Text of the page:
5 Questions to Ask on the Road to Data Excellence – Part I

Posted 03/13/2018 by Nigel Williams

In this three-part series, I am going to ask five questions that strike me as most important in the quest for data excellence. These were formed after some interesting discussions with our in-house data professionals. We will start with data skills and data literacy. In the second post we'll take a look at how to establish both the foundations for a consistent approach to data across the organisation and a data-driven culture. The third blog will address data strategy and policy. In each section, I’ve provided a set of true or false questions. Ask yourself these questions to see where your organisation is on your quest for data excellence.

Do we have the skills we need?

The world of data has become a whole lot more exciting of late. An insatiable appetite for business insights has created a range of new roles that combine skills in business, statistics, mathematics and programming. Data scientists, domain specialists (in language and behaviour), data architects, business analysts and statisticians are now being recruited into almost every large organisation.  Sometimes these roles work in IT and sometimes in Lines of Business. Either way, their arrival has been key to opening up access to intelligence across the business.  At the same time, data tools have become more powerful, processing power has increased and analytical techniques have become more mature. Combined, these have enabled a shift from basic application based data capture and reporting to full-blown analytics and prediction.

However, these specialist skills are in short supply. Moreover, outside of these specialists, most organisations lack data literacy. This is so acute that Gartner predicts that by 2020, 80 percent of organisations will launch formal competency initiatives in this field, "acknowledging their extreme deficiency."1

A recent Commvault Survey2 highlighted the same problem, with both the executives and IT personnel surveyed expressing concern that data-centric skills problems were likely to hamper business success going forward.

Data literacy across the organisation is different to the deep data expertise of data specialists. The scientific approach to data used by data scientists and other data professionals involves asking questions like, "Is the sampling adequate in size, balanced and unbiased? What are the positive and negative controls? Are the data properly cleansed and normalized?"3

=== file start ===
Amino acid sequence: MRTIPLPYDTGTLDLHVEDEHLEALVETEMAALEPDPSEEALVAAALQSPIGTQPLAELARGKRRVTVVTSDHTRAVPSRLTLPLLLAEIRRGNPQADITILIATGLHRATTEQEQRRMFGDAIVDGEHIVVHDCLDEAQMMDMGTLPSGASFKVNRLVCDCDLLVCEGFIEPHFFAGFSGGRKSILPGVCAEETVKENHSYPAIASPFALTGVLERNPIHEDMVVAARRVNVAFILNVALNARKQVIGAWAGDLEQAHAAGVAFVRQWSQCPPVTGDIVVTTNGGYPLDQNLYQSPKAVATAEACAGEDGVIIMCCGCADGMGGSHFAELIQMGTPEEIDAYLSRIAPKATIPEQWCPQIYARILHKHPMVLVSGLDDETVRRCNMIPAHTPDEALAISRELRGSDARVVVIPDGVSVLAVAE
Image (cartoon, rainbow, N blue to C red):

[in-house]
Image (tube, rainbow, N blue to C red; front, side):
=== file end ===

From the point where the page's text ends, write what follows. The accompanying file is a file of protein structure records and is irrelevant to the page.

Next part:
A data literate employee is more likely to ask, “Where does this data come from? Is it current and accurate?” and “What does this data tell me?”  Whilst the data scientist’s specialist knowledge is deeper and more rigorous, this is balanced by the sheer number of non-specialist employees. As Gartner recently observed, "Data literacy is crucial to achieving digital business success,which should make a data literate workforce a priority for every organisation. 

True or false?

  • We have recruited data specialist roles to help us get the most out of our data
  • There is a plan to develop specialist data roles in the organisation
  • We have high levels of data literacy across the business
  • We have a plan to increase data literacy

How did you score? Let us know on social media and download your copy of the Commvault infographic, “An IT department WAKE-UP CALL."

1 Gartner, Data-Centric Facilitators Are Crucial for Enabling Data Literacy in Digital Business

2 Quadrant Strategies, Poll with IT Executives and IT Personnel, 2017

3 Science Direct Data Literacy, How to Make your Experiments Robust and Reproducible, https://www.sciencedirect.com/science/article/pii/B9780128113066050016

4 Gartner, Data-Centric Facilitators Are Crucial for Enabling Data Literacy in Digital Business

Nigel Williams is responsible for Marketing in EMEA at Commvault. Prior to his current role, he held the same position at OpenText and a variety of senior positions at EMC/Legato and EMC/Documentum. He has more than 25 years of experience in Information Management, Enterprise Content Management and Search, and is a keen industry watcher. He holds an Honours Degree in English Literature and also studied Electronic Engineering as part of his entry to the IT industry.